Anna scooting down the ravine to get to the tunnel.


Saturday, September 7, 2013

Warning: Road Hazard Ahead

I heard a cry, muffled by the nightly Kijabe wind, as I was walking back to my house.  I turned and saw someone lying on the road in a heap about 25 yards behind me.  It was CrazyMom.  She had just tripped over a rock embedded in the road and broken her hand . . . and it was the eve of the first day of school.

My father and I had just returned from Nairobi after a 10 hour excursion to collect a few remaining students from the airport.  After a stressful drive back to RVA in the dark, we had parked the school van and were heading back to the house when CrazyMom, returning from helping out in a dorm, saw us.  In running to catch up, she tripped and fell.  Dad and I had survived our road hazards that night without injury; CrazyMom had not.  CrazyMom’s fall has caused me to reflect on the many road hazards we have seen over the last year in Kenya.

The first road hazard to be aware of are the matatus.  These vehicles, just a bit larger than a mini-van, are the backbone of the public transportation here in Kenya and with the vast majority of the population not able to own a car, they are everywhere.  The reason that they are a road hazard is that it is costly for a matatu owner to take their car off a route for a couple of days to fix it up and then get the yearly inspection done.  It is cheaper to pay a bribe for the inspection and keep the vehicle on the road.  Yesterday (Friday) the brakes on a matatu failed as it was coming down the mountain to Kijabe.  It rolled - but thankfully not off a cliff - and sent many of its passengers to the hospital, including at least one of the national workers here at RVA.



One also has to watch for animals on the roads.  There is the standard herd-in-the-middle-of-the-road hazard, but also donkeys that won't budge even after you bump them with the front of your car.  Even more dangerous are the goats that get startled and dash out in front of a car.  If you hit one, since you are rich enough to own a car it is automatically your fault and you will have to negotiate payment with the owner.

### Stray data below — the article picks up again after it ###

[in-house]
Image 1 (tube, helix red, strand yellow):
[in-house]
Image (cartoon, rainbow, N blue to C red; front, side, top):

Then there are people everywhere.  I will be driving along the highway at night passing people who are between my car and the concrete divider in the middle of the highway.  People will be carrying all sorts of goods, pushing wheelbarrows and pulling carts, and walking on the roads in heavy traffic.  It is dangerous and as a driver, it keeps you on constant high alert.



The boda-bodas (motorcycles) on the road carry people and goods where matatus can’t go.  They drive any direction they want on a road and often are overloaded with people, couches, wood, and, yes, even cows.




Sleeping policemen (speed bumps) are a big hazard as well.  They are almost never marked and occur even on major roads.  In our first month in Africa a woman with us received a concussion from hitting her head on the roof of the car when the driver did not notice the sleeping policeman in time.  I hit one hard enough that we had to pull over and check the car for damage.  If only they were marked . . . .



Fog and dust.  At our elevation, fog sets in on a regular basis and gets so thick that it is hard to see anything.  It's hard to know whether to slow down so you don't hit somebody or keep going so you don't get hit. Then down in the valley there are dust storms that block the view.



When driving in the valley, there are places where the road has dropped anywhere from a foot to 15 feet.  The driving speed is  usually slow enough that there is not much danger of falling in, but I always wonder if I will be on a road when it collapses.  The previous owner of my car had a road collapse below the car.  A group of people came and picked up the car by hand and set it on firm ground.
Rocks in the road, mud, accidents, oncoming trucks in your lane (although the photo is of us in the lane of the truck) and much more is the reason why, after getting everybody in the car, we pray before we set out to go somewhere.  We are thankful that at the end of a year in Africa our only road accident was not involving a car, but rather simply tripping on a rock in the road.